For better or worse, we all tend to put off writing a will and getting one executed (I’m guilty of it myself). So let’s say that the unfortunate happens, car crash, hunting accident, alien abduction or the dozens of other ways that we can depart this earth. Luckily, you die a Texan. Not luckily, you have no will. So, what happens to your stuff?
Intestate is the term that we use for when we’re dealing with an estate where there is not a will. Intestate Succession is pretty much just a list of people that are entitled to your estate if you pass with no will. Now, for the sake of this blog, we will only cover the very basics to give you an idea of what the set up is without a will. So, keeping things general, here is the way the list goes if you pass:
- Your children (Or their children/your grandchildren if your own child is already deceased)
- Your parents
- Your siblings
- Your grandparents
The list actually does go on from there but that is the basics of it. Now just to be clear, the more complex your family arrangement is the more that seemingly simple chart changes. For example, let’s say you have no spouse, no children, your parents have passed and it is just you, your brother and two sisters. The only thing is one of those sisters is only your half-sister. Well, according to the chart if you died with no will then all your property would flow to those 3 siblings, however, there is a catch. Normally it would flow equally but, a half sibling is only entitled to half a share of your inheritance according to Texas law. So really, instead of your property being split equally into 1/3 share for each sibling, we have to do some math. In the end it will turn into the 2 fully related siblings getting 4/10 (40%) of the estate each, and then the half sibling gets half a share so she would get 2/10 (20%). For some people that seems totally fair, some people hate their siblings and would be irritated any of them inherited their stuff as opposed to a cousin, or friends, or charity. Luckily for those people, the law has a solution called a will.
So how do wills work in Texas?
Again, keep in mind these are the broad strokes and definitely not the entirety of the facts about wills in Texas.
As far as wills go, keep in mind 2 different categories: A will with a bunch of witnesses that is legally recognized after you die and a will that is legally recognized after you die even if no one is in the room but you when it is written and signed.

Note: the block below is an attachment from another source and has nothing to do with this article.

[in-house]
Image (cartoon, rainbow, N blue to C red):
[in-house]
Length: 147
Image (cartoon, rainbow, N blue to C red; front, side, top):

Let’s go over that second category since it is way shorter. In Texas the only will that would be recognized that you signed without any witnesses would be a holographic will. As cool and sci-fi as that name sounds it really just means a will that is entirely written in your handwriting and signed by you. So if you take out a piece of paper, Take a pen and write a single sentence saying “When I die all of my property and assets go only to my oldest son, and nothing at all for the rest of those freeloaders.” Sign and date it and then sit it on your desk, that is an entirely valid will in the state of Texas. Now, as simple as that sounds, we lawyers HIGHLY discourage anyone from actually completing a holographic will because there are a lot of complexities to wills that even other lawyers don’t readily understand if they don’t carefully research, or work for years dealing with wills. For example, let’s say that you pass away, and to everyone’s surprise, your oldest son refuses to accept his inheritance. Well, no law forces him to accept it, so in that case the will becomes meaningless because the only person named in the will won’t accept the assets and it didn’t occur to you to designate a second person to get your stuff because you always assumed your son or his children would always be alive. Now a decent attorney could have drafted you a thorough will that planned for that event and still made sure your pesky other children don’t get their hands on your things.
The other style of will is the traditional one, usually executed with an attorney in his office and several witnesses. There are various ways to do it, various combinations of people that are allowed to serve as witnesses and places to include an attorney or notary in the execution as well. The big things to remember are that, in general witnesses should be people who are 14 years of age or older and people who are not getting things in your will. (Check with an attorney due to some COVID related allowances), Generally, someone has not “witnessed” you sign a will if they are not in the room with you, doesn’t matter if they are watching you live via Skype or on the phone with you as you announce you just signed it. In that same vein, don’t sign it and then bring it to someone to sign as a witness as they would then already be too late to say they witnessed you sign it. You’ve got to hold off until they are standing over you and can swear in court 30 years later that they remember watching you sign that paper and who was in the room and that their signature is the one on the bottom of the will on the witness line. These are more professional, thorough and generally give the best protections against fraud.
Think it through though
Now this whole area inheritance and wills is complicated, dark and a little sad. But, we all have to die so this is one area of the law you literally can not escape. So, it pays to be prepared, and I don’t mean Legal Zoom prepared! Get a lawyer to help you out with your will, you’ll be glad you did and your loved ones will be glad too (Except for the freeloaders).